Tonight in Chicago seven of the Democratic presidential candidates will be participating in a campaign forum sponsored by the AFL-CIO. The always-cheerful and disinterested Keith Olbermann of MSNBC will moderate the event at Soldier Field.
What possible news value could this have? The candidates have all already pledged their allegiance to the Big Labor’s agenda, including enactment of the expletive-deletedly named Employee Free Choice Act. There’s a little dust-up over one of Hillary Clinton’s PR advisors, whose firm has boasted about helping corporations resist union demands. Former one-term Senator John Edwards is trying to stake out the most protectionist, anti-trade position of all the candidates, so we’ll probably see a competition on how best to kill jobs that way. Otherwise? The size of the audience is of passing interest, but if there’s one thing organized labor is good at, it’s producing big crowds, even if they have to pay them to show up.
Besides, as Bryan O’Keefe writes in the AEI’s “The American,” since everyone is on board what’s said tonight really won’t matter. Labor is now more interested in winning as the only way to halt their plummeting membership.
This election year, labor will not fall for a candidate simply because he or she is the talk of Washington or has walked in a strike line in Youngstown. They want to show that, even with their dwindling numbers, they really do matter. They want to be endorsing the eventual Democratic nominee, not another runner-up. This means that labor will probably not endorse John Edwards, at least while he is finishing a distant third behind Hilary Clinton and Barack Obama in the polls.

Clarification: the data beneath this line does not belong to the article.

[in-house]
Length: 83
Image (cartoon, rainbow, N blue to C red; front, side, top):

The winner of the Democratic primary is still a long way from being determined. Tonight’s debate will be an easy opportunity for the Democratic candidates to reaffirm their already stated public support for labor’s legislative goals. Actually winning an endorsement from organized labor will be much more difficult.
And not to be decided this evening.
So we must look for highlights in the rhetoric, not the substance. Chicago, eh? Points for mentioning the Cubs? Michael Jordon? Studs Terkel or Upton Sinclair? Hmmm. Upton Sinclair…”The Jungle”….tainted food….China. Yeah, that might work.
And, given moderator Olbermann’s paranoia, he’ll probably turn the battle of competing sound-bites toward the topic of free speech and domestic oppression, wiretapping, FISA, that kind of thing. Sure, you can bet on that.
So we hereby declare the victor of tonight’s presidential forum. The big winner will be: Whoever first mentions the Chicago Haymarket Riot.
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